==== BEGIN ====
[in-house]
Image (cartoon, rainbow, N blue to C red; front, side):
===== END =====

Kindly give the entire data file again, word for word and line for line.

[in-house]
Image (cartoon, rainbow, N blue to C red; front, side):